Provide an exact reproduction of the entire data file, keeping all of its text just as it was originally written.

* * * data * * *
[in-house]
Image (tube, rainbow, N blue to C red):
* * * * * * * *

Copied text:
[in-house]
Image (tube, rainbow, N blue to C red):